New form of intranasal vaccine creates antibodies against HIV and covid

This content was published on July 20, 2022 – 19:14

Science Writing, July 20 (EFE).- Most vaccines are delivered into the muscle, although HIV or SARS-CoV-2 infect through mucous membranes, to which a new technique that has obtained strong responses is directed d antibodies against these viruses in tests with mice and non-human primates.

A study by US researchers and published today by Science Translational Medicine presents a new intranasal vaccination platform with which immunizing proteins can be delivered through the mucosal surface.

Although intranasal vaccines can elicit stronger and more protective antibody responses than injected vaccines, research has so far been limited by poor absorption of the vaccine through the mucous membranes.

However, the new technology offers a “promising approach” to administering vaccines through the nose and other mucosal surfaces instead of traditional injections, the scientific journal notes.

The research team, led by Brittany Hartwell of the Massachusetts Institute of Technology (MIT), has created a strategy that allows immunostimulatory proteins to move across mucosal surfaces.

To do this, they used amph proteins, which consist of viral proteins conjugated with a water-soluble end through which they bind to albumin.

Albumin is a blood protein that crosses the mucosa by interacting with the neonatal cystic fibrosis receptor, which transports it bidirectionally across the mucosal epithelium, making it suitable as a mediator for vaccine delivery.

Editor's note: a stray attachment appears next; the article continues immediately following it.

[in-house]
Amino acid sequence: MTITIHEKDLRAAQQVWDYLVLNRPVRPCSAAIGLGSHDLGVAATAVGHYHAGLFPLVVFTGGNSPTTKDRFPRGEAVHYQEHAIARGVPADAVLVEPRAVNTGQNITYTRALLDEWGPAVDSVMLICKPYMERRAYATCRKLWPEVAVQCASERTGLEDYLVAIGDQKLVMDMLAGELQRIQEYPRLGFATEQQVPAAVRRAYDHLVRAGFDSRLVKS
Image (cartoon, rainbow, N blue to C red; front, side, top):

Amph can be formulated with the Env gp120 protein, which is found on the outer envelope of HIV, or with the SARS-Cov2 receptor binding domain (RBD) protein, which binds to human cells.

When administered intranasally to mice and macaques, it induces elevated concentrations of immunoglobulin G (IgG) and IgA antibodies in various mucosal tissues.

“These results could bode well for the possibility of a vaccine to prevent HIV infection and have the potential to contribute to the goal of a vaccine against SARS-CoV-2, regardless of variant. “said Francis Szoka of the University of California, in an accompaniment. article that explores the clinical implications of the study. ECE


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